Teenage rapist was obsessed with online porn, says judge

Tue, 5 Mar 2013

A judge has said a teenage rapist wanted to “experiment” after days of “trawling through” online porn when he attacked a 14-year-old girl.

This comes as the NSPCC has warned that children as young as five are committing sexual offences because internet pornography is warping their views of normal behaviour.

Meanwhile, an investigation in Scotland found that children as young as eight are sharing sexual images with each other via social media.

Exploitation

And the deputy children’s commissioner for England has told a committee of MPs that head teachers are failing to tackle sexual exploitation over fears about their school’s reputation.

A 15-year-old boy bound, gagged, beat-up and raped a 14-year-old girl in an attempt to re-enact hardcore porn he had seen on the internet.

Teesside Crown Court heard how the boy was led by a more forceful, younger friend to carry out the attack in April last year.

Internet

The judge told the boy his “interest in sexual matters was heightened” having spent many days “trawling through internet pornography”.

He sentenced the teenager to three years in prison.

The victim’s father said action should be taken to prevent youngsters being able to view hardcore pornography.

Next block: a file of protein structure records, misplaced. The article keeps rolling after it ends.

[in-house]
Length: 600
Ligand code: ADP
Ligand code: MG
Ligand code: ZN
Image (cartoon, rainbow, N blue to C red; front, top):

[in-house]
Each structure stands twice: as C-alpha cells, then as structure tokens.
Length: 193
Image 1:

Mobile

He said: “Kids can get it on their mobile phones really easily. They can get it anywhere.”

He added: “There must be some sort of restrictions they can bring in. Surely the safety of girls like my daughter is more important than people’s liberty.”

Figures show that in the last three years, more than 5,000 child sex offences were recorded by police where the abuser was under 18.

Abusers

At least three police forces showed abusers were as young as five-years-old.

The NSPCC said children that age often copy behaviour they should not have seen.

Councils and police in Scotland gave details about ‘sexting’ – the practice of teenagers sharing indecent pictures by social media, mobiles and text – to a conference on child protection and the web in Stirling.

Incidents

Teachers, parents and children reported incidents to schools and police, but it’s believed many cases go unrecorded.

And Sue Berelowitz, the deputy children’s commissioner for England, told the Education Committee in the House of Commons that head teachers are worried people will think there is something wrong with their school if they take action on sexual bullying.

She said it’s “an issue that needs to be taken seriously”.

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